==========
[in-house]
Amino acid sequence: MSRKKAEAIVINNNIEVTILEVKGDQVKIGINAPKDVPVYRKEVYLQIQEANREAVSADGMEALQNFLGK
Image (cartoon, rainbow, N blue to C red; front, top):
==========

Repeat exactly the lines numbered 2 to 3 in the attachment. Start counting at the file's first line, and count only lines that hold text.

Amino acid sequence: MSRKKAEAIVINNNIEVTILEVKGDQVKIGINAPKDVPVYRKEVYLQIQEANREAVSADGMEALQNFLGK
Image (cartoon, rainbow, N blue to C red; front, top):